Tuesday, September 6, 2011

Notes on Pop Culture: 'Miss Representation' Broke My Heart

Newest Miss Representation Trailer (2011 Sundance Film Festival Official Selection) from Miss Representation on Vimeo.

I recently saw a screener of the documentary Miss Representation – slated to air on the OWN (Oprah) Network in October and currently being shown in limited screenings around the country -- and it reminded a great deal of a documentary I saw way back in the Stone Ages when I was sitting in a university sociology class as a student watching Dr. Jean Kilbourne’s Still Killing Us Softly documentary (there have since been more versions made) about how advertising depicts women as things, as sexual objects and creates a feeling among women that they can never, ever be good enough to compete with the phony, inhuman versions of femininity peddled by the advertising world that commodifies them and their bodies and debases their intelligence. Later, a UMass-Amherst Communications professor, Sut Jhally produced the first of many documentaries about how music videos transformed women into purely sexual, mindless objects for men to possess, consume and master.

Now, two decades later, these problems that I first pondered as a university student have only worsened.

And along came Miss Representation, the documentary which demonstrates how the degrading, oversexualized, trivializing depiction of women in the media and pop culture affects women and girls, as well as what negative impact the media’s messages have on women’s attempts to climb into the upper echelons of political and business power. From contemporary advertising and reality TV shows making women look like sex on two legs, to the news media’s treatment of women politicians and business leaders, Miss Representation piles example after example on top of each other, creating layers of angst, hatred and marginalization which, when consumed by the female half of the species, does tremendous damage.

An assortment of some of horrifying bits from this documentary:
  • 53 percent of 13-year-old girls say they are unhappy with their bodies. When those girls reach age 17, 78 percent are unhappy with them.
  • “Girls seen as objects by other people, they learn to see themselves as objects.”
  • Seven-year-olds say they want to become president in roughly the same numbers among boys and girls. But by the time they reach age 15, the number of girls who wants to be president drops off precipitously. “Women are discouraged from pursuing ambitious positions.”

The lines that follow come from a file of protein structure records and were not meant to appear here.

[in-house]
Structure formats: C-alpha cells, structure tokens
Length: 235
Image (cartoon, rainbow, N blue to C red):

• In pop culture, these messages are driven home. Hard. Only 16 percent of protagonists are female. “Mainstream movies are mostly stories about men’s lives.” Of the so-called “chick flicks,” the documentary filmmaker said that many of those movies revolve around a woman getting a man or being taken down a peg, or humiliated in some way.
  • On TV and in film, if a woman is depicted as powerful, she’s typically a “bitch” or has sacrificed love and family for her career. One Oscar winning male screenwriter said that woman are portrayed by Hollywood as “cartoons, not complex human beings.”
  • When women are “empowered” in pop culture, that generally translates into them flaunting ample skin and body parts, being thoroughly sexed up, in other words, objectified, existing, as one commentator said, “for the male viewer.”
  • The people who call the shots in Hollywood in terms of TV and movies are nearly all male, with women comprising a paltry 16 percent of all writers, directors, producers, cinematographers and editors.
  • Female TV journalists face pressure to get Botox, wear sexy clothing, lots of makeup and act in a sexual manner, while female politicians face demeaning insults and inquiries about their looks, sexuality, clothing, sexual proclivities, voices, maternity and their hormones. “A woman in power is often seen as a negative thing,” one commentator said.
  • While Condoleezza Rice said when she heard people questioning if Hillary Clinton was tough enough to be president in 2008, she thought, “I’ve known plenty of men who weren’t tough enough to be commander in chief, but they weren’t asked that question.” Meanwhile Sarah Palin was “pornified” by the national media in 2008 with some calling her a ditz and one man on a TV talk show saying she’s “masturbation material.” News photographers took photos of members of the audience at Palin’s events as seen through Palin’s legs.
  • The average number of news stories about women and girls is less than 20 percent.
This doesn’t seem to end. Just this past week I eviscerated JCPenney’s ill-fated, ragingly sexist T-shirt, aimed at elementary school girls which said, “I’m too pretty to do homework so my brother has to do it for me.” Though the retailer pulled the shirt off their web site after people protested, in my Mommy Tracked column this week I made the point that things like this only reinforce the assertions made in Miss Representation.

Throw in the fact that I’d recently read an article in the New York Times telling women like me that I should start worrying about getting “cleavage wrinkles,” to my observation that after the Women’s Pro Soccer league had its final in New York and there wasn’t a full news story about the championship in the New York Times Sports section, and to seeing GOP presidential candidate Michele Bachmann mocked for wearing what one web site felt was “ugly shoes” and it’s enough to really, really make me steamed, frustrated and ready for a change, ready to say, “No mas.”

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